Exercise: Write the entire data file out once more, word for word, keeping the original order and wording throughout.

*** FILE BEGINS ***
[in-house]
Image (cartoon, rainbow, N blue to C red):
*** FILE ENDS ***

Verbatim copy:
[in-house]
Image (cartoon, rainbow, N blue to C red):